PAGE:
Generally, I try to avoid agreeing with right-wing conspiracy theories, but after the tragi-comedy of the budget statement on Wednesday 15 March it’s hard to reach any conclusion other than the fact that both sides of the House of Westminster are hopelessly out of touch with us and our communities. For both parties, slogans and ideology have taken the place of the humble and diligent duty of serving the people rather than an undignified and futile scrabble for power. The ‘great stink’ of failure lay everywhere around the country. The failure of both parties to nurture social justice was evident in the unprecedented numbers of us taking industrial action on the very same day. The failure of both parties to nurture environmental justice was evident in the unprecedented number of our rivers and waterways dying from poorly regulated pollution and sewage management.
The TV presenter Gary Lineker recently found himself in the cultural crossfire for comparing where we are now to the 1930s. I’d like to echo him and deepen that comparison, by referring to the famous quote from the Italian political thinker of that period - Antonio Gramsci. From a Fascist prison cell, he wrote :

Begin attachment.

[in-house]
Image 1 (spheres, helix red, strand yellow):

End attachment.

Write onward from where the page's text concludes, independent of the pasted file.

“La crisi consiste appunto nel fatto che il vecchio muore e il nuovo non può nascere: in questo interregno si verificano i fenomeni morbosi piú svariati.”
‘The crisis consists in the fact that the old ideas are dying and the new ideas are not yet born and in this limbo, all variety of morbid symptoms appear’.
All around us, like the returning spring, the green shoots of a new politics of social and environmental justice are struggling to come to light, held back by the dead hand of nineteenth-century Tory private wealth and twentieth-century Labour state power.
So how do we vital Greens prise the dead fingers of this morbidity away? For me, one of the worst symptoms of this clinging to power for its own sake is the constant flying of false patriotic flags. The phrase, ‘the British people’ is a corrosive sweetener repeatedly abused by both mainstream parties. The phrase is designed to numb our critical faculties so that we nod through deeply harmful ideas. A Tory example is the Illegal Migration Act (with an emphasis on its actual illegality). A Labour example is the humiliating lack of original thinking on healthcare or childcare, issues that profoundly affect every home. Lift the fig leaf of the union jack draped over these policy areas and you find the opposite of authentic patriotism – active harm to the actual people of our country.